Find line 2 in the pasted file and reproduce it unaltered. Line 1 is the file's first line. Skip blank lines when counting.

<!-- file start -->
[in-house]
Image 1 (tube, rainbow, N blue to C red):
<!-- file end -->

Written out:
Image 1 (tube, rainbow, N blue to C red):